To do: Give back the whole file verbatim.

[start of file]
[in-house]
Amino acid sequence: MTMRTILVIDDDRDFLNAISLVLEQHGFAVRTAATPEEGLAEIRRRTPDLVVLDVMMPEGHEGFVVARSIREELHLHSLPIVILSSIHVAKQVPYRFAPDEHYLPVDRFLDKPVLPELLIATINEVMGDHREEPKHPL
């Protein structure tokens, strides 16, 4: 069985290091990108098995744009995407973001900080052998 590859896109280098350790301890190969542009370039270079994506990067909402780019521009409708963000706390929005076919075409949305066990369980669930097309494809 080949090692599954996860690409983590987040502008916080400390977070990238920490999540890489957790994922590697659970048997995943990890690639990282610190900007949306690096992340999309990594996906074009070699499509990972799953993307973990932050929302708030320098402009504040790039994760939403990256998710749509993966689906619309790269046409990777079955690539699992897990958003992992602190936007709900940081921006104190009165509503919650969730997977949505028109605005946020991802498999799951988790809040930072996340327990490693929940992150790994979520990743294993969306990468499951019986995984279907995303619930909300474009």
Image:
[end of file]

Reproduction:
[in-house]
Amino acid sequence: MTMRTILVIDDDRDFLNAISLVLEQHGFAVRTAATPEEGLAEIRRRTPDLVVLDVMMPEGHEGFVVARSIREELHLHSLPIVILSSIHVAKQVPYRFAPDEHYLPVDRFLDKPVLPELLIATINEVMGDHREEPKHPL
């Protein structure tokens, strides 16, 4: 069985290091990108098995744009995407973001900080052998 590859896109280098350790301890190969542009370039270079994506990067909402780019521009409708963000706390929005076919075409949305066990369980669930097309494809 080949090692599954996860690409983590987040502008916080400390977070990238920490999540890489957790994922590697659970048997995943990890690639990282610190900007949306690096992340999309990594996906074009070699499509990972799953993307973990932050929302708030320098402009504040790039994760939403990256998710749509993966689906619309790269046409990777079955690539699992897990958003992992602190936007709900940081921006104190009165509503919650969730997977949505028109605005946020991802498999799951988790809040930072996340327990490693929940992150790994979520990743294993969306990468499951019986995984279907995303619930909300474009």
Image: